To make polycrystalline solar cells, silicon is melted and poured into a mold. As a result, they are less expensive to manufacture than monocrystalline panels. Polycrystalline is the second most efficient solar panels with efficiency ratings between 15% and 17%. Built using 36, 60, or 72 solar cells, they come in wattages over 300 watts. Because of it’s lower efficiency, polycrystalline is best for installations with large areas for producing electricity.

Thin-Film

Thin-film solar cells are made differently than Monocrystalline and Polycrystalline solar cells. First, the semiconductor materials bond directly to an underlying material such as plastic, metal, or glass. As a result, they are much thinner, lighter, and more flexible than monocrystalline or polycrystalline panels. This results in thin-film panels coming in non-standard sizes. Because of their low-efficiency, thin-film solar cells are best for boats, RVs or on large commercial buildings and solar farms.

Types of Thin-Film Solar Panels

Three different materials are used to make thin-film solar cells. CIGS, CdTe, or a-Si. They have efficiency ratings between 7% and 13% depending on the material used to make the cells.

CdTe (cadmium telluride) is the most common type of thin-film solar panels in use. They have an efficiency rating between 10% – 11%. There are environmental concerns with using the toxic chemical cadmium in manufacturing.

a-Si (Amorphous Silicon) is the next most popular type of thin-film solar panels. They do not have the environmental concerns associated with other thin-film panels. Unfortunately, they have an efficiency rating of only 7%.

CIGS (Copper Indium Gallium Selenide) have reached efficiencies exceeding 20% in a laboratory setting. However, manufacturers haven’t found a way to produce an efficient CIGS panel at a reasonable price. There are environmental concerns with using the toxic chemical cadmium in manufacturing. Some companies solve this problem by using zinc instead of cadmium.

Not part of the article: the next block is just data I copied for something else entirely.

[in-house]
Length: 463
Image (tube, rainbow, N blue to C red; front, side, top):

Before choosing solar panels for your project you should think about a few things first.
How much space do you have to mount panels?
What type of charge controller will you use?
Will you be charging batteries, sending power directly to the grid, or both?
How much power do you need?
What is your budget?

The cost of solar has dropped to a point where it makes economic sense in many parts of the country. And you don’t have to tie into the power grid. Stand-alone systems allow you to add power to remote locations such as a dock or cabin for a reasonable cost.

I hope you have found this article useful. If you have any questions please leave a comment below. Also, please share it with your friends on your favorite social media website.

Further Reading
https://www.energysage.com/solar/101/about-solar-panels/thin-film-solar-panels-amorphous-cadmium-telluride-and-cigs/
http://www.physics.org/article-questions.asp?id=51
https://www.solarpowerworldonline.com/2018/07/thin-film-solar-stuck-in-second-place-even-with-c-si-tariffs/
https://news.energysage.com/thin-film-solar-panels-make-sense/